Hemmed in by neighbours on a battle axe block, this modest timber workers cottage had been altered over the years with lean-to additions that disconnected it from the garden. The owners – Soo, Marty and their young daughter Sophie – wanted better connections to the outdoors, and dedicated accommodation for interstate grandparents and visitors.
“We talked about remedying those deficiencies and looked at a few configurations, which we had priced,” says Philip Stejskal of Philip Stejskal Architects. “The double-storey option was discounted because of cost.”
They elected instead to retain the front two rooms as bedrooms, and remove the rear section, and then rebuild within a similar footprint to conserve the back garden.
The new guest suite and family bathroom sit opposite the relocated living room, which adjoins an open-plan kitchen and dining area. These spaces open to the garden with a bench seat in the dining zone that can be used internally and outside, and servery windows in the kitchen. The result is a sense of spaciousness that belies the modest footprint, which extends just 800millimetres further than the previous lean-to structures.
By addressing the constraints of the battle axe site and limitations of the original house the rear part of the house is much more comfortable and enjoyable to inhabit.
The rationalised floor-plan is topped by a poetic roof that tilts upwards in opposite directions, incorporating high-level louvres and clerestory glazing. The roof is draped like a handkerchief over a grid of 20 timber rafters, each slightly different in shape to achieve the tilted effect. It may look complex, but it was relatively simple to design and construct, according to Phil.
“We did a site analysis and found the breeze comes from the south-west,” he explains, “and we wanted to capture north light, which was towards the front of the house. We also wanted to exclude hot afternoon sun in the summer but introduce winter sun on to the concrete slab.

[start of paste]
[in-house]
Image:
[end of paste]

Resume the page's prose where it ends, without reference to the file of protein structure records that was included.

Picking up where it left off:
“As we started to try and accommodate each of these things – and because the land is quite low-lying and the neighbours are close – it became apparent that we’d have to address those issues at roof level, so we pulled and pushed and sculpted the roof plane to respond to each concern.”
“What I find most rewarding is that we were responding mathematically to a brief and site opportunities.”
Phil says that a similar result could have been achieved with double-skillion roof, but it would have been more intrusive in the space. “In this case, we managed to focus the available funds where they had the most benefit,” he says. “Once we talked the builder through it – while they were pricing the job – it was easily understood, and the carpenter enjoyed the construction because it was really quite straightforward.
“What I find most rewarding is that we were responding mathematically to a brief and site opportunities, but what emerged was a highly sculptural form that we didn’t initially envisage.”
By addressing the constraints of the battle axe site and the limitations of the original house – and through careful consideration of seasonal variations – the rear part of the house is much more comfortable and enjoyable to inhabit now (with no need for air conditioning) all year round.
Philip Stejskal Architecture
Photography by Bo Wong
Bespoke joinery by Challenge Cabinets
Burnished concrete floors with Satin Solvent from Handley
Empire stools from Claremont
Nedlands sofa from King Living Furniture
Recycled Rimu timber dining table and chairs
Chairs from Citta Design
1960 English Sideboard from Hunters and Collectors
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Tags: Alterations & Additions, battle axe, Bo Wong, concrete, Louvre windows, Passive Design, Philip Stejskal Architecture, Rachael Bernstone, Residential Architecture, servery windows, Single Storey, timber, worker’s cottage